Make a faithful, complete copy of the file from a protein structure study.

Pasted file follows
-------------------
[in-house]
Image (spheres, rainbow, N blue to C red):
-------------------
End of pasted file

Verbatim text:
[in-house]
Image (spheres, rainbow, N blue to C red):